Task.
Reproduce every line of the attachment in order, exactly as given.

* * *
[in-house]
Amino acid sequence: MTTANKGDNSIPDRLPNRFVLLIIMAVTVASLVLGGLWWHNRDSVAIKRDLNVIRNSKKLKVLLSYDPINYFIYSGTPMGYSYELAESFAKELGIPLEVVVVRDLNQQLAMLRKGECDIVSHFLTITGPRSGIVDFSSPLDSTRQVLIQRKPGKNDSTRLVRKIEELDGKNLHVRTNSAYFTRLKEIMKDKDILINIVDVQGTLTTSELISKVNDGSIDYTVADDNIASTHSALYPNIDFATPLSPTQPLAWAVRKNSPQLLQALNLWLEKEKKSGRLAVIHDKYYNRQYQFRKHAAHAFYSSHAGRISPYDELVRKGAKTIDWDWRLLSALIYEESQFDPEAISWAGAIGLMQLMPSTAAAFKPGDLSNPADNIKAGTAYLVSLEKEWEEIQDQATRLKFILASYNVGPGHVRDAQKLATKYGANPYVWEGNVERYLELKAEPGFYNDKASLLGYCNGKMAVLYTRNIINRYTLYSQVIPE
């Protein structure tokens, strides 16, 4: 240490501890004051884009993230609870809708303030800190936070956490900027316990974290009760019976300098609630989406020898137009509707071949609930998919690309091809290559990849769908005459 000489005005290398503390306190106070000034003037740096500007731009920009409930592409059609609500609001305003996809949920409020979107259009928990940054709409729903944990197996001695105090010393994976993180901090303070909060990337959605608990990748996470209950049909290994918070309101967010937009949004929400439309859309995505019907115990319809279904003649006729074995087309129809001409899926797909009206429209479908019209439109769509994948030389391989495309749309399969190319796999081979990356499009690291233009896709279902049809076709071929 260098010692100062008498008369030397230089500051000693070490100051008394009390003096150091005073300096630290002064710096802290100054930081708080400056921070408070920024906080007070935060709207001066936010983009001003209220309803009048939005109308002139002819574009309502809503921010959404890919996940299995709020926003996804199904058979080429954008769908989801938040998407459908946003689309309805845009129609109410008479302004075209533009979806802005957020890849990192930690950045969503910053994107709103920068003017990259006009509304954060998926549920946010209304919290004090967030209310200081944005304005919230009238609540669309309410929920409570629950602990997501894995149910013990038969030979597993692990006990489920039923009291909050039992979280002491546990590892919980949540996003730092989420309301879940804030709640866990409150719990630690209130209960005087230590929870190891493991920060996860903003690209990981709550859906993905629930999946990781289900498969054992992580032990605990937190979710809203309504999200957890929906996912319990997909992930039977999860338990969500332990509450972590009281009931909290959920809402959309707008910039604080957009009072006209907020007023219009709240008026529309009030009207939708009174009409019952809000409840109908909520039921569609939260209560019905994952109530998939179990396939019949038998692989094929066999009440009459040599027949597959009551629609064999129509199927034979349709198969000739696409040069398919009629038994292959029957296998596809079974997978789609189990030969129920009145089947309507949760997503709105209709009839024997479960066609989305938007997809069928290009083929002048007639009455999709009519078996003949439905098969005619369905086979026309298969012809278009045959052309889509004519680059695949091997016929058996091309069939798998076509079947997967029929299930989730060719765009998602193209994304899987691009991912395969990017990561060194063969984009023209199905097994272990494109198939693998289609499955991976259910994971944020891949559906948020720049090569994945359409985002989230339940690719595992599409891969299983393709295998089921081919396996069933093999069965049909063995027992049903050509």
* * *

[in-house]
Amino acid sequence: MTTANKGDNSIPDRLPNRFVLLIIMAVTVASLVLGGLWWHNRDSVAIKRDLNVIRNSKKLKVLLSYDPINYFIYSGTPMGYSYELAESFAKELGIPLEVVVVRDLNQQLAMLRKGECDIVSHFLTITGPRSGIVDFSSPLDSTRQVLIQRKPGKNDSTRLVRKIEELDGKNLHVRTNSAYFTRLKEIMKDKDILINIVDVQGTLTTSELISKVNDGSIDYTVADDNIASTHSALYPNIDFATPLSPTQPLAWAVRKNSPQLLQALNLWLEKEKKSGRLAVIHDKYYNRQYQFRKHAAHAFYSSHAGRISPYDELVRKGAKTIDWDWRLLSALIYEESQFDPEAISWAGAIGLMQLMPSTAAAFKPGDLSNPADNIKAGTAYLVSLEKEWEEIQDQATRLKFILASYNVGPGHVRDAQKLATKYGANPYVWEGNVERYLELKAEPGFYNDKASLLGYCNGKMAVLYTRNIINRYTLYSQVIPE
């Protein structure tokens, strides 16, 4: 240490501890004051884009993230609870809708303030800190936070956490900027316990974290009760019976300098609630989406020898137009509707071949609930998919690309091809290559990849769908005459 000489005005290398503390306190106070000034003037740096500007731009920009409930592409059609609500609001305003996809949920409020979107259009928990940054709409729903944990197996001695105090010393994976993180901090303070909060990337959605608990990748996470209950049909290994918070309101967010937009949004929400439309859309995505019907115990319809279904003649006729074995087309129809001409899926797909009206429209479908019209439109769509994948030389391989495309749309399969190319796999081979990356499009690291233009896709279902049809076709071929 260098010692100062008498008369030397230089500051000693070490100051008394009390003096150091005073300096630290002064710096802290100054930081708080400056921070408070920024906080007070935060709207001066936010983009001003209220309803009048939005109308002139002819574009309502809503921010959404890919996940299995709020926003996804199904058979080429954008769908989801938040998407459908946003689309309805845009129609109410008479302004075209533009979806802005957020890849990192930690950045969503910053994107709103920068003017990259006009509304954060998926549920946010209304919290004090967030209310200081944005304005919230009238609540669309309410929920409570629950602990997501894995149910013990038969030979597993692990006990489920039923009291909050039992979280002491546990590892919980949540996003730092989420309301879940804030709640866990409150719990630690209130209960005087230590929870190891493991920060996860903003690209990981709550859906993905629930999946990781289900498969054992992580032990605990937190979710809203309504999200957890929906996912319990997909992930039977999860338990969500332990509450972590009281009931909290959920809402959309707008910039604080957009009072006209907020007023219009709240008026529309009030009207939708009174009409019952809000409840109908909520039921569609939260209560019905994952109530998939179990396939019949038998692989094929066999009440009459040599027949597959009551629609064999129509199927034979349709198969000739696409040069398919009629038994292959029957296998596809079974997978789609189990030969129920009145089947309507949760997503709105209709009839024997479960066609989305938007997809069928290009083929002048007639009455999709009519078996003949439905098969005619369905086979026309298969012809278009045959052309889509004519680059695949091997016929058996091309069939798998076509079947997967029929299930989730060719765009998602193209994304899987691009991912395969990017990561060194063969984009023209199905097994272990494109198939693998289609499955991976259910994971944020891949559906948020720049090569994945359409985002989230339940690719595992599409891969299983393709295998089921081919396996069933093999069965049909063995027992049903050509």